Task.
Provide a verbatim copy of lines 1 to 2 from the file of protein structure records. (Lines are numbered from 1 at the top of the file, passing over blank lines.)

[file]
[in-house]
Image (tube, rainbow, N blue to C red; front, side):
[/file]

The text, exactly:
[in-house]
Image (tube, rainbow, N blue to C red; front, side):